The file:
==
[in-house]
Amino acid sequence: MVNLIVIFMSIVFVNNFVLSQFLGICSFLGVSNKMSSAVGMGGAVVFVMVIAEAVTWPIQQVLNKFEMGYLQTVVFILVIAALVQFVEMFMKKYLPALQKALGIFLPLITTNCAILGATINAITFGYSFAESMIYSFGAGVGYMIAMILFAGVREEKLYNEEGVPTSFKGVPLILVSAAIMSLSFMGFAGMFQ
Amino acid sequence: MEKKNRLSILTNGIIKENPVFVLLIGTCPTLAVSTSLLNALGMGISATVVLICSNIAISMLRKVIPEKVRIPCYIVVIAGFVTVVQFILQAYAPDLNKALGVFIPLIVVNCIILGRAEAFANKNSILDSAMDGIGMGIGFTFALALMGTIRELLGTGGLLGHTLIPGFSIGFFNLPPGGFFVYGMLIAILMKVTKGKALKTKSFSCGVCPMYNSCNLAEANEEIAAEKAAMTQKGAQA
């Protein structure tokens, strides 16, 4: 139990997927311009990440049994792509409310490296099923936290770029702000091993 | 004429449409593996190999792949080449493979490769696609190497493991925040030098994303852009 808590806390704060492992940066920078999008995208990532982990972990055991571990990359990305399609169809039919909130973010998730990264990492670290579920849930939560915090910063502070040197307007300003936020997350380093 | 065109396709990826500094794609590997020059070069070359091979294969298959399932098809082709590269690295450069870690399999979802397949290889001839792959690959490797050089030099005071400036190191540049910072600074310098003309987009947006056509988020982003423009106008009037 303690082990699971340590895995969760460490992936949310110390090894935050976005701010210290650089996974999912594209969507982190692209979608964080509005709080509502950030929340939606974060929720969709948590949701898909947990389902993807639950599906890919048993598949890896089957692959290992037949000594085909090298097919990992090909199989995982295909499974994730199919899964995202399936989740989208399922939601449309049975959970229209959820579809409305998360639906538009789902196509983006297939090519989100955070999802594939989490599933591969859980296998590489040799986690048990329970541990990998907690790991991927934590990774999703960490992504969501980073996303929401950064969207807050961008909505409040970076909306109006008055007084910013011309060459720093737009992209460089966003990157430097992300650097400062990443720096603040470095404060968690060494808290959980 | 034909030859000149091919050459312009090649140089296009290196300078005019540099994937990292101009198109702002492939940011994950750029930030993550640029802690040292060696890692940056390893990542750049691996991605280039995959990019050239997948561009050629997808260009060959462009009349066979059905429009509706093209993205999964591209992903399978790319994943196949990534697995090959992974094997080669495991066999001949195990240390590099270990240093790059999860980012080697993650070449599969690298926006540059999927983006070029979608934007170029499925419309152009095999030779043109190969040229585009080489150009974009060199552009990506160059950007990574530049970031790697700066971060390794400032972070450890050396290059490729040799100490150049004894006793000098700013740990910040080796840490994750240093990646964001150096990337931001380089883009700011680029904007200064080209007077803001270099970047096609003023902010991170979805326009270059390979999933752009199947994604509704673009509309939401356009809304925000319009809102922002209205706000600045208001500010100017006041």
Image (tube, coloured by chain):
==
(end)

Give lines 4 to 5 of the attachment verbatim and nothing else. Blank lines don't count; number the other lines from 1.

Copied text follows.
């Protein structure tokens, strides 16, 4: 139990997927311009990440049994792509409310490296099923936290770029702000091993 | 004429449409593996190999792949080449493979490769696609190497493991925040030098994303852009 808590806390704060492992940066920078999008995208990532982990972990055991571990990359990305399609169809039919909130973010998730990264990492670290579920849930939560915090910063502070040197307007300003936020997350380093 | 065109396709990826500094794609590997020059070069070359091979294969298959399932098809082709590269690295450069870690399999979802397949290889001839792959690959490797050089030099005071400036190191540049910072600074310098003309987009947006056509988020982003423009106008009037 303690082990699971340590895995969760460490992936949310110390090894935050976005701010210290650089996974999912594209969507982190692209979608964080509005709080509502950030929340939606974060929720969709948590949701898909947990389902993807639950599906890919048993598949890896089957692959290992037949000594085909090298097919990992090909199989995982295909499974994730199919899964995202399936989740989208399922939601449309049975959970229209959820579809409305998360639906538009789902196509983006297939090519989100955070999802594939989490599933591969859980296998590489040799986690048990329970541990990998907690790991991927934590990774999703960490992504969501980073996303929401950064969207807050961008909505409040970076909306109006008055007084910013011309060459720093737009992209460089966003990157430097992300650097400062990443720096603040470095404060968690060494808290959980 | 034909030859000149091919050459312009090649140089296009290196300078005019540099994937990292101009198109702002492939940011994950750029930030993550640029802690040292060696890692940056390893990542750049691996991605280039995959990019050239997948561009050629997808260009060959462009009349066979059905429009509706093209993205999964591209992903399978790319994943196949990534697995090959992974094997080669495991066999001949195990240390590099270990240093790059999860980012080697993650070449599969690298926006540059999927983006070029979608934007170029499925419309152009095999030779043109190969040229585009080489150009974009060199552009990506160059950007990574530049970031790697700066971060390794400032972070450890050396290059490729040799100490150049004894006793000098700013740990910040080796840490994750240093990646964001150096990337931001380089883009700011680029904007200064080209007077803001270099970047096609003023902010991170979805326009270059390979999933752009199947994604509704673009509309939401356009809304925000319009809102922002209205706000600045208001500010100017006041």
Image (tube, coloured by chain):